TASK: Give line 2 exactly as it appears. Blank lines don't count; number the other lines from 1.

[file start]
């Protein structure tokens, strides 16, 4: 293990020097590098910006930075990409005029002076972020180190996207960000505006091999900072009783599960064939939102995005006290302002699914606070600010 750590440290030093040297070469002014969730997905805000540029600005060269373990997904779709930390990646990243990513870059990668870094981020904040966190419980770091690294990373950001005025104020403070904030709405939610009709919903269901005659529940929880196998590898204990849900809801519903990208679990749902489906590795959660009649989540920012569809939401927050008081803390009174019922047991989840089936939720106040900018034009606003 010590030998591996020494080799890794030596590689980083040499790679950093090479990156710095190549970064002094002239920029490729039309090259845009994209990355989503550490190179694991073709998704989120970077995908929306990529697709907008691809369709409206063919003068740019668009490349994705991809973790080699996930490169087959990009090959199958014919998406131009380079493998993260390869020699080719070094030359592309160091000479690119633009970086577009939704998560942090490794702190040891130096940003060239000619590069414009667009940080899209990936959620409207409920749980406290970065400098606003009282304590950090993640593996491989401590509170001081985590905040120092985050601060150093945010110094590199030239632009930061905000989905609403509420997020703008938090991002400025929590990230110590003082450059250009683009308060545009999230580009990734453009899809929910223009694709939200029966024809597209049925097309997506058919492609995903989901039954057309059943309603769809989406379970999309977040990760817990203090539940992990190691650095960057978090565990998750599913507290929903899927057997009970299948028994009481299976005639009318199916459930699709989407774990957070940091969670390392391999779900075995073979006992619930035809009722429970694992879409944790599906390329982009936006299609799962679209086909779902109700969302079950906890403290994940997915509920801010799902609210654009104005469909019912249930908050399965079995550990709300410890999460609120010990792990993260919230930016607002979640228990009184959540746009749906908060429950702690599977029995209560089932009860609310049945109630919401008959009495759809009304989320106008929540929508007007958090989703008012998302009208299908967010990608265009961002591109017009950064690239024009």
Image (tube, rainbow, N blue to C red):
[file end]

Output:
Image (tube, rainbow, N blue to C red):